One of the reasons the Hollywood set loves filming in Vancouver — aka Hollywood North — is because this Canadian city is blessed with bountiful natural beauty. Lovely movie-set locales aside, however, a slew of other factors ranks Vancouver right up there among the best places in North America to live in, as well as to visit.
A perfect backdrop for alfresco living, the moderate climate is enhanced by expanses of glorious parkland and magnificent vistas. And much like San Francisco, the city is positioned on the Pacific coast, which opens it up to diverse culinary influences that range from Asian and contemporary Canadian to German and Latin. Celebrity chef Vikram Vij, who was born in India, has singlehandedly revolutionized the local South Asian food scene. His mini-empire of fine-dining and casual spots — Vij’s Restaurant, Vij’s Rangoli, Vij’s Sutra and My Shanti — follow traditional Indian cooking techniques but with a focus on fresh local ingredients. David Hawksworth, another high-profile award-winning chef, is acclaimed for his creative approach to Pacific Northwest cuisine. His stand-out dishes, which include hamachi ceviche with seaberry and jalapeño, and duck breast with a crisp duck croquette, are served up at his eponymous restaurant in the chic Rosewood Hotel Georgia. Divvied up into uniquely designed intimate spaces, Hawksworth Restaurant echoes the chef’s innovativeness, evidenced by the décor — a dramatic heart-and- butterflies diamond-dusted silkscreen print by conceptual artist Damien Hirst.
For well-executed mod-German food, head over to Bauhaus Restaurant, located in the historic Boulder Hotel in the gritty-edged Gastown district. Owned by well-known retired filmmaker Uwe Boll, Bauhaus offers à la carte alongside four- and six-course tasting menus, all anchored around premium local ingredients. Opt for spot-prawn tartare with pale pink ginger broth or the pork Zwiebelrostbraten infused with a fine onion broth instead of being bathed in it, which is the classic version. This dining spot’s European wine list is among the best in town.
Excellent casual-dining alternatives await at Tacofino Taco bar (mouthwatering West Coast– inspired Mexican food), Banana Leaf (authentic Malaysian), Purebread bakery (truly-fresh- from-the oven goodies) and, for seriously good ramen, Marutama and Taishoken.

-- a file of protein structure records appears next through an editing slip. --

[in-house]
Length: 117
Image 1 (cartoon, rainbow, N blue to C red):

In keeping with Vancouver’s relaxing West Coast–style ambience, be sure to carve out enough time to enjoy its green spaces, in particular, the ever-popular Stanley Park — a spectacular 400-hectare (988-acre) natural urban oasis of magnificent trees, including a 600-year-old Douglas fir, numerous nature trails, beaches and an aquarium right in the city centre. View the park’s iconic seawall, a crucial component of the city’s 28-kilometre (17-mile) Seaside Greenway, the longest pathway of its kind in the world.
Retail therapy is available, front and centre, at the Luxury Zone, situated along Alberni Street, where flagship stores of well-known global brands like Prada, Burberry, Jimmy Choo and Rolex have put down roots, as has Canada’s own Holt Renfrew on Dunsmuir. For unique finds, go to Roden Grey in Gastown to browse, say, well-curated menswear at Oak + Fort, which features Canadian designs, and the “street-inspired’ shoes at local cult favourite STR/KE MVMNT.
Cultural arts aficionados will appreciate the city’s 50 theatre groups and Vancouver Opera, the second-largest opera company in Canada. Time your visit, if you can, to coincide with two major cultural events in the fall — the 16-day Vancouver International Film Festival and the 10-day Fringe Festival on bucolic Granville Island. The Fringe, which turns 35 years old in 2019, presents some 700 performances in front of 40,000-plus visitors and fans and includes up-and-coming theatre companies and new video series.
Find the time too to drop by the Vancouver Art Gallery, located in a stately neo-classical building downtown, and the Museum of Anthropology, which was designed by native son and late architect Arthur Erickson and which showcases the cultural heritage of the region’s First Nation communities. Part of the woodland campus of the University of British Columbia, the museum features a serene Japanese tea garden, Haida houses and poles, plus a jaw-dropping, albeit kid-friendly, walkway suspended high above the lush forest canopy.
By Chris Taylor – *This article originally appeared in INSIGHT: The Art of Living | Winter 2018
Photography by: Tourism Vancouver;